What does it take to be a public servant?

Published 10:00 pm Wednesday, October 1, 2008

The election this year is truly a historic one, nationally and locally. As we all know, we’ll elect a new president and, for the first time in the history of Suffolk, a new mayor who is elected directly by Suffolk voters.

As we get closer to Nov. 4, we have an important decision to make. Who do you think is the best to lead us come January 2009? Will it be Democrat Barack Obama or Republican John McCain?

Speaking of Suffolk, on the other hand, who will our mayor be?


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Now, here’s my personal perspective on what it takes to be a public servant. If you’re a public servant, you’re prone to scrutiny by the public and the media. That’s the price you have to pay. Your actions and decisions are being analyzed and, at times, criticized. Your critics and detractors are always on constant watch. They’re critical in every move you make and every action you take.

As a public servant, you are accountable for all your actions. You are responsible to your constituents who supported you, financially or otherwise, and the whole populace, who look up to you for leadership, honesty, and integrity.

Leadership and transparency are two of the important qualities I’m looking for in a public servant. Without these characteristics, such public servant ceases to be one. He or she leads by example. What he or she preaches, he or she practices.

A public servant is a public trust. I want a public servant who is trustworthy; who can genuinely serves the public and not the other way around, that is, to be served by his/her constituents. If he or she has a conflict of interest in serving his or her people, then, he or she should have no business governing or leading the people. As I’ve mentioned, he or she should put his or her own welfare aside for the public’s welfare.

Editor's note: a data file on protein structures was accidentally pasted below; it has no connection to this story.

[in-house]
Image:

As they say, you cannot serve two masters at the same time. Where lies your interest? Your own personal business or the people’s business? If your interest is not in the welfare of the people who elected you, then you have no business working in the government. Make way for someone or somebody who is truly and sincerely a servant of the people and not the one being served. After all, you are a public servant whose primary duty is to serve the public, the people in the community who look up to you for your excellent or outstanding public service. Then and only then will you be known as a leader who inspires, who motivates, who listens, who leads by example, and who leads us to progress, prosperity and success.

Politicians take heed: You volunteered to serve the public or the government. Therefore, you are obligated to serve in the best interest of the people whom you govern and lead. You are not in the office to make yourselves rich at the expense of your constituents. Don’t let your people down and don’t disappoint them. If you do, and become corrupt or ineffective and unresponsive to their needs, you lost their trust and respect. They will find ways and means by which you will be removed from your office or post. Don’t ever think that because you’re powerful, you can’t be replaced. There are a lot of people out there who are watching you and monitoring your intentions, dealings and movements, with the advancement of technology. Be aware that, as I’ve mentioned earlier, you’re under public scrutiny all the time! The electorate is not that dumb. Your character speaks of you. So, are you ready to serve us, to lead us the way to a more progressive community, to govern us in a manner that exemplifies the true public service, in the real sense of the word? Are you ready to listen, to go out personally and feel the pulse of the community? Are you ready to sacrifice your time, talent, and treasure where needed?